A company logo is an important aspect of any effective marketing model, I can bring up brands like Coca-Cola, Mercedes, or Nike and I can be nearly certain that any person I am talking to already has a visual of those logos in their head. Living in a technological based world that puts emphasis on visual stimulation especially in branding, it can seem like the logo is the most essential aspect of marketing.
But, in reality, the logo is only half of what makes a marketing campaign effective. The messaging the accompanies a logo stands as the harder-working, under-appreciated, other half of marketing. In a sense, a branding message is the structural foundation behind an otherwise shallow logo. Without an effective and nearly addictive message, a purely visual message is ineffective. So, let’s take a look at your favorite brands and the messages that have pushed them to the top.
Let us start with the holy grail of American fast food. McDonalds is characterized by it’s high yellow arches that stand brilliantly over remote towns and urban metropolises alike. For some, McDonalds brings reminders of childhood commercials featured on Disney and Nickelodeon showing a big friendly clown offering plenty of useless but, at the time, seemingly necessary toys all packed into a “happy meal”. But every commercial, every visual representation of McDonalds is almost always, without fail, accompanied by their classic “dun dun dun dun dun, I’m Loving It.”
In this way, McDonalds intuitively appeals to our emotions or pathos. The company carefully selects words that have positive connotations like “happy” “love” “super” place them strategically within their slogans, messages and menu items alike. Customers, after hearing these messages emboldened with positive and familial messaging, build a subconscious affinity for the restaurant.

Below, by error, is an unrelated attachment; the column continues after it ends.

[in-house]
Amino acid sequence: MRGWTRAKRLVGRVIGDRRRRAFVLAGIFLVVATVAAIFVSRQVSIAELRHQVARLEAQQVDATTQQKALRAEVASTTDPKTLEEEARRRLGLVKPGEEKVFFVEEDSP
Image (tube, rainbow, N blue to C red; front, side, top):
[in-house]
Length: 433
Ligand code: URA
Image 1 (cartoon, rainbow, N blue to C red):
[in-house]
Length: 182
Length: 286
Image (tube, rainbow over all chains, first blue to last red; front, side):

Subaru has stood as one of the more effective car campaigns in recent years. For anyone watching, the company message is quiet clearly geared towards families looking to purchase safe vehicles that are guaranteed to keep their loves ones from harm. Subaru’s message is effective not just because it appeals to families but also because it has the safety ratings and years of proof that validate it’s message. Validity is one of the key ingredients in a successful message because it allows the customer to trust your company. Without a trustworthy platform, companies are bound to fail.
Nike is another effective powerhouse of marketing. Their classic Nike check can be seen on seemingly anyone and everyone no matter age, fit, gender, etc. Nike’s marketing is so universal that it is nearly guaranteed that if you were to ask anyone wearing a Nike product what the company slogan is they would respond quickly “Just Do It.” The message is simple, only three words, but endlessly powerful. Their slogan is a call to action in and of itself but not to buy their products. Instead, Nike has focused it’s slogan on encouraging and inspiring self improvement from their customers without bringing their product directly into the picture. While the message may seem indirectly connected to Nike itself, it is actually a roundabout way of first, encouraging customers to be the best version of themselves, and second, reminding customers of the company that stood behind them in the first place. In this way, Nike has messaged itself as not just an athletic wear company but as a lifestyle and a personal motivator.
The companies with the most effective messages and advertisement campaigns are those that appeal to customers on a personal level. They utilize positive messaging that does not directly describe their product but instead describes how the customer will feel or behave with the help of their product. In this way, effective messaging is essentially based in human action. These powerhouse companies have taken a step back from their product and looked at real people and real lives and showed how their products should necessarily be integrated into a happy, successful and love-filled life. Overall, branding and messaging is not about the company. It is about the masses. The people. The families. The future.